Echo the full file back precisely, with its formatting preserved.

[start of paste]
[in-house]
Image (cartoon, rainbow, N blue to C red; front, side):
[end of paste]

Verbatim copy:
[in-house]
Image (cartoon, rainbow, N blue to C red; front, side):